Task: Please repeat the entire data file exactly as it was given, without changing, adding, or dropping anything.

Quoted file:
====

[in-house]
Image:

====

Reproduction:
[in-house]
Image: